So, out of boredom, I decided to upgrade my shell and terminal to something closer to 2017, instead of living in the early 90s. Clearly I’e been using bash all these years - mostly on Ubuntu and lately on OSX. But I’ve always been lazy and complacent with the terminal. I’ve always wanted to set up fish - Friendly Interactive SHell. for it’s git integration, and very rich interaction. Sure, all of this can be done on bash or zsh but I hate configuration, and combing hundreds of git repos for bashfiles and find what works for me.

While at fish, I also decided to upgrade the default Mac terminal to iTerm2. This led me to a journey through installing fonts all the way to picking up the theme that works for me. But again, no configuration to mess with.

Installing fish

Since I have brew, I was able to simply do this

If you do not have brew, head over to for instructions on setting it up. They have MacPorts, Installer, and an executable.

Once installed, the default theme supports git repositories, in that, the prompt indicates the local repository state, has nice syntax highlighting on the command line, and typical things you’d expect from the shell of the 21st century.

You can see the prompt change, as well as a timestamp show up to the right of the window.

If you wish to make fish your default shell, add add /usr/local/bin/fish at the very top of /etc/shells, and execute chsh -s /usr/local/bin/fish. If not, then you can always type fish in bash.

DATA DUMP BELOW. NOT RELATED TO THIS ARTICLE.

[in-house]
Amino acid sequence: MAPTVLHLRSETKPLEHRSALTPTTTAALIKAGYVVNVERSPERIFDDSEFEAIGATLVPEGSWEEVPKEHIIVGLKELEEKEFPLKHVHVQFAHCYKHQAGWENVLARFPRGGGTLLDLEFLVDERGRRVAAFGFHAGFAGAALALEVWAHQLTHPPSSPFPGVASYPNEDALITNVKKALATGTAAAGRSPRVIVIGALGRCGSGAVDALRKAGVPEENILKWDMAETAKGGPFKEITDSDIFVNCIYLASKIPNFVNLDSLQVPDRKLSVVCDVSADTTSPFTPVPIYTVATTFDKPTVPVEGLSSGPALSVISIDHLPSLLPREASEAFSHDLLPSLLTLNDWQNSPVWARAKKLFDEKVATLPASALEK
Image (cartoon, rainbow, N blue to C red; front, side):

Installing omf


Given the richness of fish with themes and plugins, it’s best to use omf - Oh My Fish, which is more or less a package manager for fish.

To install omf -

Iterm Brew Not Found

Once omf is installed, checking out themes etc. becomes a breeze. To do so, type omf on the prompt to see the options. Typing omf theme will show a big list, and in order to see what these themes look like, head over here to preview them.

I liked bobthefish, and installed it like so -

You can always switch back to default by typing omf theme default. You can install many themes and switch back and forth between them till you’re comfortable with one of them.

However, this theme (and many others) uses fonts that would need to be installed.

Installing Powerline Patched Fonts

Feel free to remove the fonts directory.

Installing iTerm2

Downloaded and installed iTerm2, which is super simple to do.

Take a look at the Font Book, and pick the powerline font of your choice. I like Ubuntu Mono. You can type powerline in the little search textbox in Font Book to shorten the list. Once picked, set the font here -

Iterm Brew

Restart iTerm2, and you should be all set!

Github integration

This image shows how the prompt changes as we make simple changes to a local git repo. I am using bobthefish theme. See the theme details on how the prompt indicates various states like locally committed but un-pushed changes, etc.

As you can see, it is super helpful, with no configuration to get this going. This to me is one of the most useful and powerful features of fish.

Now that you have fish and omf set up, play with the many options and if you have never used it before, you’ll be surprised how modern and developer friendly this set up is. The depth of autocomplete going beyond just file names, auto-suggestion, history navigation, and syntax coloring makes working on the terminal so much productive and painless!